SkyTran allows the elderly to move around freely
Living in Paris, I see frail elderly people walking, shopping and taking the Metro -- living independently in their old familiar neighborhoods, surrounded by people they've known for decades who look out for them. If they lived in suburban America where I have spent most of my life, this would be impossible. There, independence depends on driving, and their slow reactions, physical weakness, and perhaps occasional confusion would quickly cost them their licenses. Dependent on family, expensive taxis or unreliable public transport, they are under "house arrest"; they are dependent; they are at high risk of decline and institutionalization. This is a crime!
Yet there are good reasons why this is so. Driving your own car imposes many requirements -- for the public's safety and your own -- that many otherwise independent elderly people can't meet. They may have cataracts in their eyes, slow reaction times, or poor hearing. Maybe early Alzheimer's, small strokes or the side effects of needed medicines sometimes make them confused, or Parkinson's, arthritis or physical frailty might make them unable to control a car in an emergency. Perhaps they visiting or living with their children in a country where they don't speak the language, or they may be illiterate or too proud or set in their ways to go through the hassle of applying for a license.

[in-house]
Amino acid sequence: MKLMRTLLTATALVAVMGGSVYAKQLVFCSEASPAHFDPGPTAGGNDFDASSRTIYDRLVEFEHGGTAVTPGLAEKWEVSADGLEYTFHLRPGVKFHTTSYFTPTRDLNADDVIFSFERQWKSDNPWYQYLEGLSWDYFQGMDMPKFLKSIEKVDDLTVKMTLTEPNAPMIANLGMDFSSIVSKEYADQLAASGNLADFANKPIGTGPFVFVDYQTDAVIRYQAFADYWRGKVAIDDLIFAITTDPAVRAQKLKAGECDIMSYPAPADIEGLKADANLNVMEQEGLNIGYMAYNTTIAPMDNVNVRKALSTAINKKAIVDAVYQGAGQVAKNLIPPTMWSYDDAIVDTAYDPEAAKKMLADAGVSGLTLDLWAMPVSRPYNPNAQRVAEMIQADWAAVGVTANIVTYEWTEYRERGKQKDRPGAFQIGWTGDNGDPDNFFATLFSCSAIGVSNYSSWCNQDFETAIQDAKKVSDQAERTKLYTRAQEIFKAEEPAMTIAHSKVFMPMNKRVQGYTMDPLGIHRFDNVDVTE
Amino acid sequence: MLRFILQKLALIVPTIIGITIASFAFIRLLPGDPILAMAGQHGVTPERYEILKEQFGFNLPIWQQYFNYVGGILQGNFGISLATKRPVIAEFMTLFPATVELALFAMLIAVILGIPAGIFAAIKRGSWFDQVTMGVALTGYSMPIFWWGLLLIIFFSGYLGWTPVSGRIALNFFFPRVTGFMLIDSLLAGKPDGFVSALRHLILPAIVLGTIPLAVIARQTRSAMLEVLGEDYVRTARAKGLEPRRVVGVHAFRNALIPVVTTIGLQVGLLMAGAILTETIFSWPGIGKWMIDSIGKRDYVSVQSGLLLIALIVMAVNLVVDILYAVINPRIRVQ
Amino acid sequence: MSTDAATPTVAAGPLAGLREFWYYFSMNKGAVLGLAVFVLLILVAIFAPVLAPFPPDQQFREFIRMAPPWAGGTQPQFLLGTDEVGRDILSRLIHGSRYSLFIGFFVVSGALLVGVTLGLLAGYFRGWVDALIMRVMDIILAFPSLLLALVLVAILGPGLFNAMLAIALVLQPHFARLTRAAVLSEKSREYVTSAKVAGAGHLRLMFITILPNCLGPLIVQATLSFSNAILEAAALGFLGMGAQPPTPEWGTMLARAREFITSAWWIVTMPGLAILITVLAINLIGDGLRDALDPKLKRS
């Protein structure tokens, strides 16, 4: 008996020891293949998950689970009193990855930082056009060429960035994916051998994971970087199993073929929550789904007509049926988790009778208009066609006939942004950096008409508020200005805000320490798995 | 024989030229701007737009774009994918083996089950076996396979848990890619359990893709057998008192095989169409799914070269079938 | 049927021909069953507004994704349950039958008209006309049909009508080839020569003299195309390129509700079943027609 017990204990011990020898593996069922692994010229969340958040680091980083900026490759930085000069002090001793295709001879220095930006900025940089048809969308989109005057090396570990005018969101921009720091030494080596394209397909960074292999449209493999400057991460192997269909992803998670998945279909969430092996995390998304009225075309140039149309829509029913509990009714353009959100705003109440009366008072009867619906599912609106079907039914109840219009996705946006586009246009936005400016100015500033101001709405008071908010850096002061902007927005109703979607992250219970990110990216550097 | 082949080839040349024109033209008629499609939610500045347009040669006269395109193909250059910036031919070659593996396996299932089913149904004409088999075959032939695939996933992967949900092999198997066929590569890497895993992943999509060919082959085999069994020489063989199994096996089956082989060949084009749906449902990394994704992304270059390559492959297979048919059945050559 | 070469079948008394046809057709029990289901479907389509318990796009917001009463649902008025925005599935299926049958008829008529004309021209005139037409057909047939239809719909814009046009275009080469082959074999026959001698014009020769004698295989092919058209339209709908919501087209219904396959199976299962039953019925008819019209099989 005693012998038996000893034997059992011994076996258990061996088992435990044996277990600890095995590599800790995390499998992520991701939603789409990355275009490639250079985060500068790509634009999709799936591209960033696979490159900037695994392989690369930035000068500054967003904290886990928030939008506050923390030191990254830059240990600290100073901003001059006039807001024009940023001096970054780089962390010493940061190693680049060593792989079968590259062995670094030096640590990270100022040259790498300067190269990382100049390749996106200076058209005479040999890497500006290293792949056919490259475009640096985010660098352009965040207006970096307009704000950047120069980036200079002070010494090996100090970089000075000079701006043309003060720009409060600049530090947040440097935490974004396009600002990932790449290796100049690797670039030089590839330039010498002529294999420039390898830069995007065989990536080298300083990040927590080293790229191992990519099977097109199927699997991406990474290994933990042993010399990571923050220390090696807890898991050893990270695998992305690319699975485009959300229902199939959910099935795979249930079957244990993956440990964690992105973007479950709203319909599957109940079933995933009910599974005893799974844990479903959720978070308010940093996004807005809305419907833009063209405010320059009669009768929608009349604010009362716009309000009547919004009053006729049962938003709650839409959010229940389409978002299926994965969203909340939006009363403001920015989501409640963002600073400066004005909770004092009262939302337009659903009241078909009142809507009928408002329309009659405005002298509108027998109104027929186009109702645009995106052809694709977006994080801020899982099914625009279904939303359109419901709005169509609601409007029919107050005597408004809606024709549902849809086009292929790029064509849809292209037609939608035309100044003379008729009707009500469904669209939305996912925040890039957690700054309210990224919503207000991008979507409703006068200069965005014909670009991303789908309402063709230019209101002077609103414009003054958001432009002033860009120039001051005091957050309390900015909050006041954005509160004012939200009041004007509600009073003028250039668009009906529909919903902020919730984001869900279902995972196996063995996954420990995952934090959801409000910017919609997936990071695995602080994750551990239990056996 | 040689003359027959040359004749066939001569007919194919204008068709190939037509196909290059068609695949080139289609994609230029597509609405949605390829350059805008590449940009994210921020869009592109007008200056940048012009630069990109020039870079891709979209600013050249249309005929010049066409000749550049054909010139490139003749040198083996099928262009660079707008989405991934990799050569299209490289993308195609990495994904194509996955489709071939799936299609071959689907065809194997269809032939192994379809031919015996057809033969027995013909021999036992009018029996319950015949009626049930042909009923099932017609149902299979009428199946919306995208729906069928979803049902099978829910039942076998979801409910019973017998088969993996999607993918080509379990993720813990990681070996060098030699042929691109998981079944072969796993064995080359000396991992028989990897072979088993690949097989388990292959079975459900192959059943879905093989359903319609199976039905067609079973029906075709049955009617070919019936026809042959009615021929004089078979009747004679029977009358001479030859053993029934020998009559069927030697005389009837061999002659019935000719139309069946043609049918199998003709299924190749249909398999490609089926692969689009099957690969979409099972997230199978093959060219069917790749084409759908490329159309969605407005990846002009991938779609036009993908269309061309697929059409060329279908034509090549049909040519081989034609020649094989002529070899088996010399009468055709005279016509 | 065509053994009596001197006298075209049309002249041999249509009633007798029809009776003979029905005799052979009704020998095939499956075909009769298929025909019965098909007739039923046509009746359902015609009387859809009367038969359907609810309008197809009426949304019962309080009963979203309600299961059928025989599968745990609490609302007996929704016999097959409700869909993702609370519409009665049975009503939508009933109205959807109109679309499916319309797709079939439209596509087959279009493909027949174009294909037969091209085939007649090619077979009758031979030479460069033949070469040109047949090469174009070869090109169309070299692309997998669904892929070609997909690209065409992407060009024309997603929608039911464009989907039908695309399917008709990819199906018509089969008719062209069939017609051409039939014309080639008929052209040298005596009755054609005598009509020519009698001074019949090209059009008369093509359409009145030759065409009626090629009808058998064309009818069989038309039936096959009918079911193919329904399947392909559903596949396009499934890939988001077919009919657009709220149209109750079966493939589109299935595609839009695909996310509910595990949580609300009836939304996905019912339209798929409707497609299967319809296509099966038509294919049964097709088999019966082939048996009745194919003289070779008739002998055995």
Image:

Every one of us will end up as an elderly person. Do you want to rely on anyone to take a trip to the doctor, or the store to buy a birthday present for your grandchild? With a fully built-out SkyTran system, you will be independent as long as you can walk or ride a few blocks to a station. Many elderly are scared that each drivers' license test they take will be their last. Even if it just solved this one problem, it would be worth building it. We'll all be there; so let's make our lives better!
SkyTran's design is inherently very safe. The fact that it is fully automated means that hardly any of the above limitations will stop them from using it to ride anywhere the young-uns do. If they can hobble up the steps to the platform (unnecessary for stations attached to buildings or equipped with wheelchair elevators) and board a car at an ergonomically-optimum platform far easier than today's cars, and speak (in their own language, assisted by a relative in the next town or a call center half a world away if necessary) or touch-select their destination -- they can ride SkyTran. They don't need fast reactions or constant attention like a driver does. They won't put others at risk like they can as drivers. Their children or friends can call at any time to make sure they are OK, and they can ask them or system operators for help whenever they need it. They can have them program a PDA with simple destinations like "Home", "Sally's house" or "Dr. Morrison" so they don't need to select enroute. If they are at risk of actually choosing an unsafe destination, they might accept some limitations on where they can go, like young teenagers or people with mild retardation (see SafeTran). For as long as possible, to the limit of their actual abilities, they can go where they want, when they want to, instead of being dependent on the schedules of senior buses or their children's jobs. Also, they won't be at risk from SkyTran vehicles every time they cross the street the way they are today from cars.